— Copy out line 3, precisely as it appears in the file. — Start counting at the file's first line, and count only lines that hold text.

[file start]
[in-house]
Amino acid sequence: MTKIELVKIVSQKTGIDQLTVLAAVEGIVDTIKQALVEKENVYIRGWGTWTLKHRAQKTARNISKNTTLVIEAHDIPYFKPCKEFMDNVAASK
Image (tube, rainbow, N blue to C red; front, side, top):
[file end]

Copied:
Image (tube, rainbow, N blue to C red; front, side, top):